The Two Types of Funded Startups that will Survive, or Crash in Our New Economy

We’ve survived the apocolypse and the fiscal cliff, but many still wonder what this new economy means for investments in the tech sector.  Venture capitalism is one of our founder’s favorite topics, so if there’s a camera and a microphone around, SiliconAngle CEO John Furrier could talk about investments all day.  He made an appearance on Newsdesk this morning to discuss the latest in tech.

After mentioning the circumstances that led up to Aaron Swartz’s suicide, Furrier addresses recent reports that the volatility of the start-up scene in 2012 has taken its toll on venture capitalist interest and the technology market as a whole.

Furrier agrees with these reports, and says that the problem is what he calls “middle class” startups – companies that should not have received funding from the get go.  These companies are often referred to as durable startups: firms that have turned in a profit and rely on a solid cash flow to gain market share, albeit slowly.  Furrier explains that these ventures represent a good business opportunity, but not for VCs that are seeking a big return on their investment.

He goes on to define a second category of startups: those that have raised funding and can afford to expand at a loss. This allows these companies to gain market share a lot faster than their profitable counterparts, making them worthwhile of investors’ attention.

After wrapping up the subject, Furrier makes a prediction of his own: he believes that there is another bubble as a result of this misplaced VC interest, and it is poised to burst in the near future.  He predicts that the top social networks will manage to solider in spite of the plunge, and he expects enterprise markets to see increased growth in the same timeframe.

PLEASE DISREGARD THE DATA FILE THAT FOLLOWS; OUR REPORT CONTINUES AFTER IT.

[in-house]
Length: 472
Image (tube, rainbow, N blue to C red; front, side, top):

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Furrier brings up the recent executive changes at EMC Ventures, which he considers to be a key player in the Silicon Valley financing space.  Managing Director Shawn Douglass recently stepped down to assume the role of CTO at ServiceMesh, an emerging DevOps startup.

The final topic that Furrier tackles is a recent statement by Yammer founder David Sacks, who declared that Silicon Valley of no longer ripe for innovation. He explains why this is not the case.  See why in the video below:

Maria Deutscher

Maria Deutscher

Maria Deutscher is a staff writer for SiliconANGLE covering all things enterprise and fresh. Her work takes her from the bowels of the corporate network up to the great free ranges of the open-source ecosystem and back on a daily basis, with the occasional pit stop in the world of end-users. She is especially passionate about cloud computing and data analytics, although she also has a soft spot for stories that diverge from the beaten track to provide a more unique perspective on the complexities of the industry.
Maria Deutscher


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1 Comment

  1. furrier  I’m curious what your definition of growth is exponential wise for “middle class” start-ups?  Is there the other side as well where growth is fast, but like a fire with gasoline, unsustainable at a certain point regardless of growth?

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